General doubt about the release of NO or NO-carriers from erythrocytes comes from the fact that Hb is an avid scavenger of NO. Notably, physiological NO concentrations range between 100 pM (or below) up to ~ 5 nM, at least six orders of magnitude below the Hb concentration in erythrocytes [21]. Thus while the erythrocyte membrane and the cell free zone established in resistance-sized arteries can reduce the apparent rate at which endothelium-derived NO is consumed by Hb [22, 23], the situation is dramatically different inside red blood cells. As outlined above, most of the biological actions of NO, including platelet inhibition and smooth muscle relaxation, are mediated by the sGC/cGMP/PKG pathway (Fig. 1). An important limitation of all of the publications, which claimed platelet inhibition by erythrocyte-derived NO, is that direct activation of the sGC/cGMP/PKG pathway in platelets was not investigated. Together with the conflicting experimental results described above, the ongoing debate about generation and release of NO (or NO carriers) from erythrocytes has precluded a consensus on the physiological role of erythrocytes in platelet inhibition.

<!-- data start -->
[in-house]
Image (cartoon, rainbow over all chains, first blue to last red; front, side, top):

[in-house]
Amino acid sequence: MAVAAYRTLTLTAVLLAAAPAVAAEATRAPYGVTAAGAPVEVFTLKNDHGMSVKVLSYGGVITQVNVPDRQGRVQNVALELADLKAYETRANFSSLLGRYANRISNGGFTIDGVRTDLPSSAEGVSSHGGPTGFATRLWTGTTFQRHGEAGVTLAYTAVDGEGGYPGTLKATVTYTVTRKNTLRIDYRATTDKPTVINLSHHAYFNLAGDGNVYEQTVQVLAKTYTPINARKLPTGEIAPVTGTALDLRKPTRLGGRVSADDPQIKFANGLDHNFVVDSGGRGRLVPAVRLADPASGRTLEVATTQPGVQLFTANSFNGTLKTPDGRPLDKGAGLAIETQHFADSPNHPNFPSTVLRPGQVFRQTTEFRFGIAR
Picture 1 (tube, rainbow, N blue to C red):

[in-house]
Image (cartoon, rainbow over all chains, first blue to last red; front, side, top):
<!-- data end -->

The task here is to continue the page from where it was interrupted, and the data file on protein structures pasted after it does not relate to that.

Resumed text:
In the current issue of Cell Communication and Signaling, Gambaryan et al. [24] set out to solve the discrepancy regarding erythrocyte-mediated platelet inhibition by asking a very simple and logical question. If erythrocytes indeed release physiological relevant levels of NO or SNO to inhibit platelet activation, then the sGC/cGMP/PKG pathway in platelets should be activated, irrespective of the mechanism by which NO/SNO are generated in red blood cells. The authors monitored the effects of NO in platelets by assessing the activity of purified sGC in the presence of erythrocytes as well as the NO/sGC/cGMP/PKG-dependent phosphorylation of vasodilator-stimulated phosphoprotein (VASP). The latter is a highly sensitive and reliable assay, used in numerous studies to assess NO-dependent effects and which is widely used in clinical diagnosis of platelet reactivity [2529]. Other assays that aim to assess the role of NO in platelets, e.g. by the ELISA-base measurement of cGMP, seem to be prone to artefacts, especially in the presence of nitrite or erythrocytes, which both interfere with these assays [30]. Gambaryan et al. systematically tested all possible combinations of erythrocyte/platelet suspensions over time, with varying erythrocyte concentrations, as well as studying erythrocytes containing Hb in different states (oxy-Hb, deoxy-Hb, NO-Hb), with or without nitrite, and platelets isolated under normal or deoxygenated conditions [24]. They found no evidence of platelet and purified sGC activation by erythrocytes. Instead, the authors discovered a strong scavenging effect of NO by erythrocytes - even if NO was added exogenously. Consequently, the authors came to the conclusion that erythrocytes, under all of the conditions tested, cannot inhibit platelet activation by the release of physiological active NO, but in strong contrast act as potent NO scavengers.